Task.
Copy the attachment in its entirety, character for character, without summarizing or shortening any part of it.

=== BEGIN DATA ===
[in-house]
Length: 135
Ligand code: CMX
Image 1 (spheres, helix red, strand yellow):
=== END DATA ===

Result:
[in-house]
Length: 135
Ligand code: CMX
Image 1 (spheres, helix red, strand yellow):